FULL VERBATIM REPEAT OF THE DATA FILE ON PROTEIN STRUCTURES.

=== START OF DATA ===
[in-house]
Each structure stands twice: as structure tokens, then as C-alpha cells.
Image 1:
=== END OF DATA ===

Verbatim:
[in-house]
Each structure stands twice: as structure tokens, then as C-alpha cells.
Image 1: